22. In December 2000, Schluep recommended that M. McKey allow Schluep to invest $31,725 of McKey's investment funds in certain conservative securities. McKey agreed to the proposed investment. Contrary to his representations, and the client's authorization, Schluep transferred the funds to another client's account.

D. Schluep Gave His Clients Fraudulent Payments to Lull Them

23. Between approximately April 1998 and approximately March 2001, Schluep made payments to at least 15 of his clients to prevent them from taking action against him for misappropriating their funds. Schluep made some of these payments by transferring funds from the accounts of other clients who did not know, or consent to, these fund transfers. In other instances, Schluep made the payments with checks written on accounts that had insufficient funds. At the time he made these latter payments, Schluep knew that the accounts lacked sufficient funds to cover the checks.


24. During the period of fraudulent conduct described above, Schluep and Sylvester were unjustly enriched by Schluep's fraudulent conduct.

25. In total, Schluep wrongfully transferred to Sylvester in excess of $1.5 million of Schluep's clients' funds. Sylvester used a portion of these funds (approximately $417,495) for personal expenses, and the balance for improvements on the Berkeley property. Sylvester had no legitimate claim to these funds.

26. In addition, Schluep used Sylvester's accounts to "park" funds. First, Sylvester transferred money from client accounts and Schluep's business account to Sylvester's accounts. Then, Schluep withdrew these "parked" funds from Sylvester's account and moved the money to accounts held by other clients or by Schluep. Schluep made the withdrawals primarily by signing Sylvester's signature on account checks.

27. Schluep used $538,000 of his client's funds to purchase the South San Francisco property in Sylvester's name. Sylvester did not have any legitimate claim to this money and property.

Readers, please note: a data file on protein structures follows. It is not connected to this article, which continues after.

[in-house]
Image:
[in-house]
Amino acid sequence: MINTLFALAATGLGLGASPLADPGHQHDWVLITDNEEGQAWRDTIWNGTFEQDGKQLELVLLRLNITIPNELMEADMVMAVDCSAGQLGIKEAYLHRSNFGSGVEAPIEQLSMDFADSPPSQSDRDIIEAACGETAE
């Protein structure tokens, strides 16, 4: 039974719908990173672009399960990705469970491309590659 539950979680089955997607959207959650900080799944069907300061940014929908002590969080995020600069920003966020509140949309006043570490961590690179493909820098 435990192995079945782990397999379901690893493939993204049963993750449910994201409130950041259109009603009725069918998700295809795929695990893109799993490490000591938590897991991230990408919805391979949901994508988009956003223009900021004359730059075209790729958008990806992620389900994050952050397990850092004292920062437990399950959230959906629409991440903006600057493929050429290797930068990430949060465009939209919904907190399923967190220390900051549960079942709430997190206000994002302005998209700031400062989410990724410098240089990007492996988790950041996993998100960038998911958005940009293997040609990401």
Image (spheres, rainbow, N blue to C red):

28. Schluep used approximately $100,000 of misappropriated client funds to pay for his personal living expenses. Schluep also gained collateral benefits from misappropriating client funds and transferring them to Sylvester, BXI, and other clients.


Violations of Section 10(b) of the
Exchange Act and Rule 10b-5 by Schluep

29. The Commission realleges and incorporates by reference Paragraphs 1 through 28 above.

30. By engaging in the conduct described above, Schluep, directly or indirectly, in connection with the purchase or sale of securities, by use of the means or instruments of interstate commerce, or of the mails, or of a facility of a national securities exchange, with scienter: (a) employed devices, schemes, and artifices to defraud; (b) made untrue statements of material fact or omitted to state material facts necessary in order to make the statements made, in light of the circumstances under which they were made, not misleading; and (c) engaged in acts, transactions, practices, and courses of business which operated or would operate as a fraud or deceit upon the purchasers of securities and upon other persons, in connection with the purchase or sale of a security.

31. Schluep violated and, unless restrained and enjoined, will continue to violate Section 10(b) of the Exchange Act [15 U.S.C. §78j(b)] and Rule 10b-5 [17 C.F.R. § 240.10b-5].


Violations of Sections 206(1) and
206(2) of the Advisers Act By Schluep

32. The Commission realleges and incorporates by reference Paragraphs 1 through 28 above.

33. At all relevant times, Schluep acted as an investment adviser to his clients. Schluep, for compensation, engaged in the business of advising his clients, either directly, or through publications and writings, as to the value of securities or as to the advisability of investing in, purchasing, or selling securities.

34. Schluep, by the use of the mails or any means or instrumentality of interstate commerce, directly or indirectly: (1) with scienter, employed devices, schemes, or artifices to defraud clients or prospective clients; and (2) engaged in transactions, practices, or courses of business, which operated as a fraud or deceit upon clients or prospective clients.

35. By reason of the foregoing, Schluep violated Sections 206(1) and 206(2) of the Advisers Act [15 U.S.C.§§ 80b-6(1) and 80b-6(2)].


WHEREFORE, the Commission respectfully requests that this Court:


Permanently enjoin Schluep from acts or practices that violate, directly or indirectly, Section 10(b) of the Exchange Act [15 U.S.C. §78j(b)], Rule 10b-5 [17 C.F.R. § 240.10b-5], and Sections 206(1) and 206(2) of the Advisers Act [15 U.S.C. §§ 80b-6(1) and 80b-6(2)];


Order Schluep to disgorge all wrongfully obtained client funds and benefits, including prejudgment interest;


Order Sylvester to disgorge all wrongfully obtained client funds benefits, including prejudgment interest;


Order Schluep to pay civil penalties pursuant to Section 21(d)(3) of the Exchange Act [15 U.S.C. § 78u(d)(3)] and Section 209(e) of the Advisers Act [15 U.S.C. §80b-9(e)]; and


Grant such other and further relief as this Court may determine to be just and necessary.

Dated: September 3, 2002

Respectfully submitted,

Carolyn Samiere
Attorney for Plaintiff
Securities And Exchange Commission


Modified: 09/05/2002